Silent Sunday:
Equinox as a Prayer Pause
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This Sunday is the autumn equinox in the southern hemisphere, and in the Celtic spiritual tradition, this is an opportunity to embrace the moment of pause between Summer and Winter. So our theme for this Silent Sunday is the invitation to pause from our usual activities and to come to rest in this equanimity, in the quiet gap between the seasons. (This is also a pause in our talk series on non-duality, which we will resume in the next online resource).

Opening music:

Could IKim McMechan
00:00 / 03:25


Could I just sit here awhile;
Know that there's nothing that I need to say
Safe in the knowledge that You know my ways
Love me completely, no need to hide a thing

Could I just stay here awhile;
Letting You melt away all of my fears
I feel Your comfort when You are so near
I'll hide myself in this shelter You've made for me

Could I, Could I

Could I just kneel here awhile
Doing what I was created to do
Bowing in reverence I long to adore You
Willingly giving all that I can surrender

Could I just rest here a while
Letting you whisper my burdens away
In all of my journeys there's no other place
Where I find refuge strength for my weary heart
Could I

Could I just sit here awhile;
Know that there's nothing that I need to say
Safe in the knowledge that You know my ways
Love me completely, no need to hide a thing

Guided lead-in to a time of quiet prayer

Guided prayerGuided Prayer
00:00 / 10:33

Read the following passages through twice or three times, and listen for any word or phrase that seems to be inviting you to linger with it. Spend some time in silence, allowing the Spirit to breathe fresh life into these words.

Reading: Matthew 11:28-30 

“Come to me, all you who are weary and burdened, and I will give you rest.  Take my yoke upon you and learn from me, for I am gentle and humble in heart, and you will find rest for your souls.  For my yoke is easy and my burden is light.” (NIV version)


“Are you tired? Worn out? Burned out on religion? Come to me. Get away with me and you’ll recover your life. I’ll show you how to take a real rest. Walk with me and work with me—watch how I do it. Learn the unforced rhythms of grace. I won’t lay anything heavy or ill-fitting on you. Keep company with me and you’ll learn to live freely and lightly.” (Message version)

Enter the rest of GodBrian Doerksen
00:00 / 04:35


Are you tired
Worn out and empty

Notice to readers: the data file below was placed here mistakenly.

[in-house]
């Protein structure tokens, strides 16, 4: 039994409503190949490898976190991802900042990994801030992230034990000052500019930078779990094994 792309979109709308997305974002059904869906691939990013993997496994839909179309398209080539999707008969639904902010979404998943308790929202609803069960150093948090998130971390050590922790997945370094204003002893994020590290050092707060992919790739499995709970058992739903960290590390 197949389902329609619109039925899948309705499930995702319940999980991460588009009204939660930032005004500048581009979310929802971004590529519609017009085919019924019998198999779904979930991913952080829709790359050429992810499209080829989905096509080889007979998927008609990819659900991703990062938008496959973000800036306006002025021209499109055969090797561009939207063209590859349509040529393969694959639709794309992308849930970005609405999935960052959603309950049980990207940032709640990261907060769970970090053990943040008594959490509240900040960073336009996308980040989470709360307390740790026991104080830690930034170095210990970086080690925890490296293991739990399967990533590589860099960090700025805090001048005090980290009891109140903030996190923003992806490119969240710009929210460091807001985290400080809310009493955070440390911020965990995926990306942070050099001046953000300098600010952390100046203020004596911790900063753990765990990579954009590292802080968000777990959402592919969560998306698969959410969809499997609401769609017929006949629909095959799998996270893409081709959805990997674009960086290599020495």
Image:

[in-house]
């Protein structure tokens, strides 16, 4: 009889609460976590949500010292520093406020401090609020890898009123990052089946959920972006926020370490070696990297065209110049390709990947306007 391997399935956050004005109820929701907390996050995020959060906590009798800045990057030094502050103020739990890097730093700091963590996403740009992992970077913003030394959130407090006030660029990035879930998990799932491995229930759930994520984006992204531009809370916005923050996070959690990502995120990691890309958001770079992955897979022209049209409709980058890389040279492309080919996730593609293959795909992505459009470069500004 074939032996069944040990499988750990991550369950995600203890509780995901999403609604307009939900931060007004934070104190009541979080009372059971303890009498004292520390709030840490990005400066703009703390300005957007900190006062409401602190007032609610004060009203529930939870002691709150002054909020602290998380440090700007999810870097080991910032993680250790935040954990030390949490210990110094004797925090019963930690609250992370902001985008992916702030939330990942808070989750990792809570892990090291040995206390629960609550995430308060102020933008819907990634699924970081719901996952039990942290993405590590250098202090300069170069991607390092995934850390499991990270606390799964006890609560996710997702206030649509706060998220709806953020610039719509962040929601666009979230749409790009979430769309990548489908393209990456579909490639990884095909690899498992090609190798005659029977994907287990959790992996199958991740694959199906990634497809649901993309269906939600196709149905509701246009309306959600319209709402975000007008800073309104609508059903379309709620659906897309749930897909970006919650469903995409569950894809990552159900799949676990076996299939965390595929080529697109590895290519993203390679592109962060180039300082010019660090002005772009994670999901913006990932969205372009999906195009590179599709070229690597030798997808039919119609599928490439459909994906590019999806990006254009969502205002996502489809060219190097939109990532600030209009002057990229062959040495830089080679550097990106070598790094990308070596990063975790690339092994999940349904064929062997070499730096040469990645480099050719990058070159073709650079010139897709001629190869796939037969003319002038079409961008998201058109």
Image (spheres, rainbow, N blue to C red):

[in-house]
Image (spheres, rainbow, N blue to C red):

Is your soul
Have you tried
Releasing your burdens
Do you feel the weight
Of worry

I am the rest you need
I am the prince of Peace
Enter the rest of God

Come to me
Burdens will fly away
Walk with me
Learn the unforced rhythms of grace

Come to me
Burdens will fly away
Walk with me
Learn the unforced rhythms
Live the unforced rhythms of grace

In the Celtic tradition the Wild Goose was the name given to the Holy Spirit, and this sheds a beautiful new light on Mary Oliver's poem, Wild Geese. You can listen to Mary Oliver reading this poem herself in the sound file below:

Wild Geese by Mary Oliver

You do not have to be good.

You do not have to walk on your knees

For a hundred miles through the desert, repenting.

You only have to let the soft animal of your body

love what it loves.

Tell me about despair, yours, and I will tell you mine.

Meanwhile the world goes on.

Meanwhile the sun and the clear pebbles of the rain are moving across the landscapes,

over the prairies and the deep trees,

the mountains and the rivers.

Meanwhile the wild geese, high in the clean blue air, are heading home again.

Whoever you are, no matter how lonely,

the world offers itself to your imagination,

calls to you like the wild geese, harsh and exciting — 

over and over announcing your place

in the family of things.

Nature walk (10 minutes)

Take a walk in nature, and listen to the gentle breeze of the Spirit. Let the world offer itself to your imagination, as you listen to the rhythmic life of nature around you in this time of pause between summer and winter. Allow nature to announce to each of us our place in the family of things.

Wild GeeseMary Oliver
00:00 / 01:47

Ending Prayer:

The rhythm of life is yours, Creator Beloved,
the changing of the seasons,
the freshness of the morning after the stillness of night,
youth's energy and age's measured pace.
For daylight that follows the hours of darkness,
for the time of awakening to the day, and the time of letting go
for the overlapping of silence and sound,

the seen and the unseen,
heaven and earth,
body and spirit,
rest and dying and new life –
all part of your rhythm, O God, thanks be to you.


(Adapted from a prayer by John Philip Newell)

Thanks to Thee O GodJohn Michael Talbot
00:00 / 04:46
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